This was a difficult post because it took some searching in my tree to figure out who or what might fit! I finally found that my 3rd great grandfather, William J. Kimbell, was the next to last child born to his parents, Robert Kimbell and Sarah Hinton. This is maybe not the most creative interpretation of this prompt, but it works!
Parents and Siblings
Robert Kimbell was born about 1794 in North Carolina, and when he married Sarah Hinton, daughter of Thomas Hinton and Rachel Hightower, on 8 February 1824, he was living in Clarke County, Georgia.
The first census in which I have found Robert and his family is 1840 when they were living in Cherokee County, Alabama. The census lists a man between 40 and 49, which must be Robert who was about 46 years old at the time, as well as a woman between 30 and 39, which must be Sarah aged about 35. There is also an unidentified male between 30 and 39 living in the household, possible a brother of either Robert or Sarah.
Also living in the house were 8 children 14 years or younger.
2 girls between 10 – 14
1 boy between 10-14
2 boys 5-9
2 boys under 5
1 girl under 5
From the 1850 census, I can determine who some of these children are:
Thomas Kimbell, born 1840, and John Kimbell, born 1838, were likely the two boys under 5.
Elizabeth Kimbell, born 1845, was likely the girl under 5.
Henry Kimbell, born 1833, and Robert Kimbell, born 1832, were likely the two boys between 5 and 9.
That leaves 3 children unaccounted for: 2 girls and 1 boys between 10 and 14 years old. I have seen some compelling evidence than an Ann Kimbell who married Joseph Weaver in Chattooga County, GA in 1842 is one of those 2 girls. The Kimbell family was living in Chattooga County by that time, and Ann and her husband moved to Cherokee, AL where they lived their entire lives, a place where Robert Kimbell and his family lived in 1840. She died in 1914, and her death certificate (which I do not have) might shed some light on her parents.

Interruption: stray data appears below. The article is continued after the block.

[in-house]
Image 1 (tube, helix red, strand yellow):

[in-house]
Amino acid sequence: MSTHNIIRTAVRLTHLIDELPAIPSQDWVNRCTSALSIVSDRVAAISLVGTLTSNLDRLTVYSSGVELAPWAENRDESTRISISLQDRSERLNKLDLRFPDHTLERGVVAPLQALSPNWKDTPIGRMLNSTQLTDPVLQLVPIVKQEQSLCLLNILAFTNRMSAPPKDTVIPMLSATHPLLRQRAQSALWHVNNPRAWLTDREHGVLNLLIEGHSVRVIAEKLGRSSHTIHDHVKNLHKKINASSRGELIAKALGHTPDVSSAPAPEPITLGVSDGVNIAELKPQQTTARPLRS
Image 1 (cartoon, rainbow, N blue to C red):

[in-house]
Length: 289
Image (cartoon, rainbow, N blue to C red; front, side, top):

I have seen other researchers put forth a Melissa Sue Kimbell as the other daughter, which is definitely a possibility. Melissa Kimbell married Joseph DeLawne (Delong) in Chattooga County in 1847.
The other boy is still a mystery.
Birth and Early Life
Robert and Sarah’s last two children, William J. and Joseph, were born in 1843 and 1846 respectively. My ancestor is William J., the next to last child. He was born on 6 May 1843 in Chattooga County, Georgia. In the 1850 census he was seven years old and living in Chattooga County with his parents Robert and Sarah, and siblings Robert, Henry, Elizabeth, John, Thomas, and Joseph. His father was a farmer but owned no land, or at least no value was attributed to his land. (I need to do some more research here).
10 years later, William is still living at home with both parents as well as his older sister Elizabeth and younger brother Joseph. He was recorded as 17 years old and a farmer. His father’s land was valued at $1,200, and William was likely helping his father farm that property. This is the last census in which Robert Kimbell appears, indicating that he died between 1860 and 1870.
Civil War and Marriage
William enlisted as a Corporal in the Confederate Army, 6th Regiment Georgia Calvary, Company H, in 1862. He served from his enlistment date until the Confederate surrender at Greensboro, North Carolina in 1865 and was discharged in May. According to his wife, he was never taken prisoner. Some of this information came from his widow’s pension application which was made in 1910.